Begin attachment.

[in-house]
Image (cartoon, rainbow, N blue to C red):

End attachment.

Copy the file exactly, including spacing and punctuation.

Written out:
[in-house]
Image (cartoon, rainbow, N blue to C red):